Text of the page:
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Palm approves of people exchanging free applications

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This article contains unofficial information.

Palm approves of people exchanging free applications
Palm has announced changes that effectively turn their official policy into the exact opposite of what Apple has adopted. The creators of webOS seem intent on encouraging the development of open source software and approve of people freely exchanging applications over the Internet. Here is what was revealed at the event organized by the manufacturer:

Free application exchange over the Internet, meaning developers send their software to Palm then the company returns a link that can be freely published on any website. Rather than opening the App Catalog, the link will get the app directly installed onto the customer´s device. According to TechCrunch, Palm will not check every single app, unlike Apple that maintains a grip of steel over developers and controls everything before allowing apps to reach customers. Well, Palm´s policy certainly cuts both ways, so we cannot wait to see what happens next. Finally, developers who would rather sell their program and not distribute it freely will have to shell out $50 to see the app available at App Catalog.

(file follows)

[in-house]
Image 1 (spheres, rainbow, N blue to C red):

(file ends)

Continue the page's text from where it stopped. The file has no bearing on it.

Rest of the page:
Developers will be entitled to information relating to the sales of different programs and the usage of the online application store, much unlike Apple´s policy of granting limited details only. Moreover, developers involved in open source software projects will not have to pay the annual fee of $99 that is typically required from anyone who works on programs for webOS. Similarly to Google that offered HTC Magic handsets as a gift to attendants, each participant of the event went away with a free Palm Pre, courtesy of the manufacturer.

So, what do you think about Palm´s latest move towards free distribution of open source software? Would it mean increased popularity to rival the more conservative approach of Apple?

source: TechCrunch


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posted on 20 Oct 2010, 01:43

1. mcmkone (Posts: 54; Member since: 24 Mar 2009)


I think it's a good move... it will give new developers a chance to get their foot in the door.

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